A couple years ago, I read Paul Graham’s ruminations on higher- and lower-level languages in Hackers and Painters. Although he’s talking about computer languages, his insights have bearing on biblical language and hermeneutics. So bear with me while I lay out some of the basic points, and then we’ll look at the applications.
- The very lowest level of language has a very small number of things it can do. Every level up combines those basic instructions in increasingly complex ways to get tasks done.
- Anything a computer can do, you can do in binary. But you can’t do some things in Basic that you can do in C++, and you can’t do some things in C++ that you can do in Lisp (Graham’s examples; I wouldn’t know). Lower-level languages lack the abstractions and features that higher-level languages have.
- Perhaps equally important, many of the things you can do in all 3 languages take more steps in Basic than C++, and more steps in C++ than Lisp. The code is longer, the further down the hierarchy you go. Longer code tends to breed more mistakes, because humans don’t deal well with obsessive levels of detail.
- Conversely, the higher the level of language, the faster you can work. If it takes 3x longer to write in (say) C++ than in Lisp, and your competitor is writing in C++, he can’t keep up with you. A feature that takes you a month to program takes him 3 to duplicate. A feature that takes him 3 months to program, you can duplicate in 1. When you’re ahead, you’re way ahead. When you’re behind, you catch up quickly.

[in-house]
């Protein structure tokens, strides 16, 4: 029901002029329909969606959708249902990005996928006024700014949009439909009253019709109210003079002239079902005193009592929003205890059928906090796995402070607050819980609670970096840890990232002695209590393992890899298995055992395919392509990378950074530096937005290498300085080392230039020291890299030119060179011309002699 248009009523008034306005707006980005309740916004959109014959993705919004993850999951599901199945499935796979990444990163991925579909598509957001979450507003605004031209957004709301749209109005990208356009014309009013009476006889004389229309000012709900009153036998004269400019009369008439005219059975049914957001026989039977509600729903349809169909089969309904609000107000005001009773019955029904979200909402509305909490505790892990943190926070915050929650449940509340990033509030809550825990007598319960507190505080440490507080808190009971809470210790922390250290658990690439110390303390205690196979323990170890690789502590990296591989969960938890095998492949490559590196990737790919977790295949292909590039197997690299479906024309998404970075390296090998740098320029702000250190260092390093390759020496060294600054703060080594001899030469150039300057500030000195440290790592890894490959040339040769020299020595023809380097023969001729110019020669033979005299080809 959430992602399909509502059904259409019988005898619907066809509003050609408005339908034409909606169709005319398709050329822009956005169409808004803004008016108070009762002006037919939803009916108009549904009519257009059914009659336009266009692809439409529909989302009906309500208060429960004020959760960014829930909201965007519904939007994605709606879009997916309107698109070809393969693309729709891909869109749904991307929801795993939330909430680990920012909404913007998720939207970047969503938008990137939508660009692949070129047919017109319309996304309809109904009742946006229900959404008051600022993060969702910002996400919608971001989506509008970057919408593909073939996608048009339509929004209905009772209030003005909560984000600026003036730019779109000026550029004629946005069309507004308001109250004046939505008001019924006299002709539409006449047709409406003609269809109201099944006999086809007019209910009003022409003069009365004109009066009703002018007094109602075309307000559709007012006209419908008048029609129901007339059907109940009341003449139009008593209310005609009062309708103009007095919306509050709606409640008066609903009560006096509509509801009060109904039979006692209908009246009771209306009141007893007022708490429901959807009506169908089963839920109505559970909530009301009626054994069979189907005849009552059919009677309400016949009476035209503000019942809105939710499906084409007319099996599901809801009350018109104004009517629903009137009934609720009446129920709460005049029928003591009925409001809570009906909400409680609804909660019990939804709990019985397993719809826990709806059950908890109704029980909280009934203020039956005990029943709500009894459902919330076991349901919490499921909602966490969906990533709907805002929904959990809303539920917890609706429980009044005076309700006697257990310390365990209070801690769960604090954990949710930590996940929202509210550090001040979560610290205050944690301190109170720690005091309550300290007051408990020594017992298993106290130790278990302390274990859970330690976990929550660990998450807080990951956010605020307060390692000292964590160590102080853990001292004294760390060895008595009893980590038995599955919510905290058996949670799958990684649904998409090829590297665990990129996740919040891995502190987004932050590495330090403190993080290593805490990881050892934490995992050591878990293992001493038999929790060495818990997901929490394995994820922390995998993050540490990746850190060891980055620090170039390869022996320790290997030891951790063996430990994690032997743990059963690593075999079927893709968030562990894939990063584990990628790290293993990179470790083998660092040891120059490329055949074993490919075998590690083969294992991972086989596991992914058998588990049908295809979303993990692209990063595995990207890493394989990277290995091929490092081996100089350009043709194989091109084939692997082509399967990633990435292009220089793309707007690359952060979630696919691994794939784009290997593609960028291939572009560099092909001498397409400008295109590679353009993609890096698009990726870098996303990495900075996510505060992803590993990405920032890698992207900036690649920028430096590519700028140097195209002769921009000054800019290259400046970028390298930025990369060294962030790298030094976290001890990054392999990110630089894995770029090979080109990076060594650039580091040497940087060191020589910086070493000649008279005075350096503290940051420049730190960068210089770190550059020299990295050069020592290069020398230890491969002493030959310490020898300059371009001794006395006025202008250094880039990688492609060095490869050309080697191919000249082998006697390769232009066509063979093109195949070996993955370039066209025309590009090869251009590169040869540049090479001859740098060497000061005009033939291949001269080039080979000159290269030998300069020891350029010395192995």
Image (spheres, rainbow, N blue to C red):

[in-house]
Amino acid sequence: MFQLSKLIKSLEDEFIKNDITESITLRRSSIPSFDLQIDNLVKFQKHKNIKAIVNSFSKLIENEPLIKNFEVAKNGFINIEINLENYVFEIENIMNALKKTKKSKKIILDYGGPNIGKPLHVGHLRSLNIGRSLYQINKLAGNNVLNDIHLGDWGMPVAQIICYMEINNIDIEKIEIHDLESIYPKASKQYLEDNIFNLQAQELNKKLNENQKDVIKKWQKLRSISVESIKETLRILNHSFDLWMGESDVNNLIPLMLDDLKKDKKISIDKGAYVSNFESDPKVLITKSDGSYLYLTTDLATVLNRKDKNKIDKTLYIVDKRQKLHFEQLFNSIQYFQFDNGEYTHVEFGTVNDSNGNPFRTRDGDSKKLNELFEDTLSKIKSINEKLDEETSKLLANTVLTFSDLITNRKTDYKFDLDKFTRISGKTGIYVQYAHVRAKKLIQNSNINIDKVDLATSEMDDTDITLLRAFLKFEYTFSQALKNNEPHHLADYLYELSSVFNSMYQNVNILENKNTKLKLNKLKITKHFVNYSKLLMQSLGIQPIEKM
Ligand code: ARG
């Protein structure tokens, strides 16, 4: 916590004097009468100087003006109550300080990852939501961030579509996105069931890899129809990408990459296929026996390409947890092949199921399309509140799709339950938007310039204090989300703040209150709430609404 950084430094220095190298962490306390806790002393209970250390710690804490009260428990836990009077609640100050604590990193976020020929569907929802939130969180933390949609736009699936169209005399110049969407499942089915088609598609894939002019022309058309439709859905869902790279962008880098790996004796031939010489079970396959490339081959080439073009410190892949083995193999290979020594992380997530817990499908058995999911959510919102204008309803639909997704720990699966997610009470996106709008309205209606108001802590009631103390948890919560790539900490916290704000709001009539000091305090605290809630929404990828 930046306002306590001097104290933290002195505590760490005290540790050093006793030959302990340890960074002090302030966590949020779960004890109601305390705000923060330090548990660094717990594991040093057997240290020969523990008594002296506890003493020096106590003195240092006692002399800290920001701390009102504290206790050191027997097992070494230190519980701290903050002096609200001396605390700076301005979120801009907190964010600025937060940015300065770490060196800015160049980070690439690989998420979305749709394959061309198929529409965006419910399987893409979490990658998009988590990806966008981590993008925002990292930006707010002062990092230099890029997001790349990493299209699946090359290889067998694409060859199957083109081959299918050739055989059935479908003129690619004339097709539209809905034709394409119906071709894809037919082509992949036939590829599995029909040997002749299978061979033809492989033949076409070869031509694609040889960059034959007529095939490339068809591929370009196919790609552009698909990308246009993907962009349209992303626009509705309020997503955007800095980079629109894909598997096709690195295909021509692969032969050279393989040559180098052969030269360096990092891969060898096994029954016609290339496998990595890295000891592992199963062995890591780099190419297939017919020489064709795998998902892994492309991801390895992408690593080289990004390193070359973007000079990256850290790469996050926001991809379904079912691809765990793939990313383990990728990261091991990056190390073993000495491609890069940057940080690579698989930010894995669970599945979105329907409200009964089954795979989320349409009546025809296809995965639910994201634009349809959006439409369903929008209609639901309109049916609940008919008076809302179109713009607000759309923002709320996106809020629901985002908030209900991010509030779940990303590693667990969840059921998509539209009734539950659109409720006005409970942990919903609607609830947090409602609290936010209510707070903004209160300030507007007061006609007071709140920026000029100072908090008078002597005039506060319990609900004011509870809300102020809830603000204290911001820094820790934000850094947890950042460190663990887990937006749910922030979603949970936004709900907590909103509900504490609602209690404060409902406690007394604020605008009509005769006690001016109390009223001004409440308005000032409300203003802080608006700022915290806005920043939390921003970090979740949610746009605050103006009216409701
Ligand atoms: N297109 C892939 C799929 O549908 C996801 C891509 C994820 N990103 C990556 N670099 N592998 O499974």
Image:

- A programmer thinks primarily in a certain language. Down the hierarchy, he can see that all the languages are lower level than his preferred one, because “they don’t even have [feature].” Up the hierarchy from his primary language, the languages just look weird, because he doesn’t think in them. So they have these higher-order abstractions that he can’t quite grasp, or he can’t see what anybody would ever want them for.
One other observation that is going to be important for this: good programmers often don’t solve a really difficult problem. They formulate another (easier) problem that is the practical equivalent of the hard one, and then solve that.
So given that, the analogy for biblical studies:
- Basic linguistic/textual analysis tools like sentence diagramming or outlining are like machine code. There’s a very limited number of options, and it’s very laborious to describe what’s happening in the text.
- Didactic literature is the next level up. It’s using the linguistic options available in a pretty basic, transparent way.
- Narrative comes after that. While narrative is often grammatically simpler than didactic (paratactic rather than hypotactic, and so on), there are some very complex things going on that you really can’t get at with a sentence diagram. The tools you use to decode didactic literature aren’t sufficient to interpret narrative well.
- Proverbs, parables and typology are very high-level, an order of magnitude beyond narrative.